Nature has evolved complex pathways to amplify the signal from the detection of low concentrations of ions or molecules. A robust, man-made amplifier system with similar control and amplification of ionic and molecular signals as those achieved in Nature will be helpful for probing biological channels with ultra-low conductivities (like those important in diabetes) and understanding biological processes. Inspired by biology, this research will focus on development of the first steps to prepare ionic circuits with amplifying properties built on the principles of both electronic integrated circuits and Nature?s signaling pathways. Prototypes of ionic circuits will be prepared using nanopores with controlled geometry and surface chemistry as the building blocks. The investigators chose nanopores as building blocks, because biological channels and pores in a biological cell create the first step of biological amplification. The interdisciplinary program will create an excellent training environment for graduate and undergraduate students. Visits of students from local schools at both universities are also planned with hands-on activities on nanotechnology and biosensing.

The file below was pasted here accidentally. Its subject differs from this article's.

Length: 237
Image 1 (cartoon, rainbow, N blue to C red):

The overarching goal of the research is to design a generic route for ionic amplification and building ionic transistors with millisecond response time for biosensing applications. Nanopores in various materials including silicon nitride, polymer films and glass nanopipettes will be rendered ionic transistors by tuning their surface characteristics and geometries. The nanoporous transistors will be three terminal systems, which will function according to principles similar to those of semiconductor-based transistors. In the ionic systems constructed, instead of electrons, anions will carry negative charge, and, instead of holes, cations will carry positive charge. Nanoscale dimensions of the system are required for a quick temporal response, as movement of only a few ions or molecules will lead to changes in the measured signal. Connecting two ionic transistors in a circuit will lead to preparation of an ionic equivalent of a Darlington amplifier, where current gain is equal to a product of amplifications of the two component transistors. Application of the Darlington amplifier to probe ion channels with ultralow conductivities will be demonstrated as well. Preparation of an ionic differential amplifier will also be explored. With these amplifiers, in principle, thousand-fold amplification might be achieved, making measuring femto-Ampere currents accessible.

This award reflects NSF's statutory mission and has been deemed worthy of support through evaluation using the Foundation's intellectual merit and broader impacts review criteria.

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University of California Irvine
United States
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